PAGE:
It’s maybe a bit strange but it suits me fine. I used to be the procurement director for an international car manufacturer. I got a seriously golden handshake three years ago when I was sixty three. It was the usual thing: new bosses want their own men and I was well past my sell-by date. Retirement did not sit comfortably. I don’t play golf or have any major hobby passions so being without a twelve to fourteen hour working day left me a bit at a loose end. I looked after the garden but that wasn’t nearly enough. I might have soldiered on but the biggest problem was my wife. We have always got on well enough but with the pressure of my job she had developed her own life. Having me under her feet all the time was not in either of our interests.
So, I got myself a job and here I am; Tom Timmins, parking superintendent and manager (part-time) for the large local supermarket. The money’s irrelevant. The job keeps me occupied three days a week and in its own way it’s fun. I’m out in the open air most of the time and meeting lots of mostly nice people. The staff are a nice enough bunch. They don’t know much about my history and happily they don’t care. The store manager is a complete divvi. But after a couple of run-ins, he leaves me well alone. As I said before most of the customers are nice enough. This area has a high proportion of retirees so the age profile is high. By the standards of many of our customers I’m still in the prime of life.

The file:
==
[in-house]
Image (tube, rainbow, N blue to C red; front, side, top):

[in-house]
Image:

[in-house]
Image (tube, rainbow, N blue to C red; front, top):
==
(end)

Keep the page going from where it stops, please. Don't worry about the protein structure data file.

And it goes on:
I guess the job has the usual problems, mostly caused by either the old and feeble who drive to the shop because they can’t even walk properly or the young and careless. Hardly a day goes by without a small bump or a bit of parking rage that requires my attention. I’ve filled in more insurance reports than you could shake a stick at and developed my diplomatic skills no end. There are really three main issues. The first is those who insist in parking in disabled bays without the requisite permit. I’m usually polite and if they look as though they need the space I advise them to apply for a permit. I’m relaxed about the odd short term illness or handicap victim but I can’t stand the ‘So what; you can’t touch me brigade.’ They get two warnings and after that they get a nice very adhesive sticker across their windscreen asking them politely not to park in a disabled bay without a proper permit. It can be removed but it takes time and the ten minutes it takes usually attracts an appreciative crowd. The second bad group are the young crazies who drive the wrong way round the lanes and treat the place like a racetrack. Normally I try a quiet word; “Come on now, half of the people here are nearly senile. They haven’t a clue but how would you feel if you killed one.” Mostly it works but if it doesn’t, and boy are they predictable, I just get in my old car (I don’t come to work in my Jaguar) and when I see them coming into the park I can usually manage to get in their way. In the end they get the message.